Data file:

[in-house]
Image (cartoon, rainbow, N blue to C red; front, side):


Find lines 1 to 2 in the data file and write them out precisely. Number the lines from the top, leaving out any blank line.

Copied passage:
[in-house]
Image (cartoon, rainbow, N blue to C red; front, side):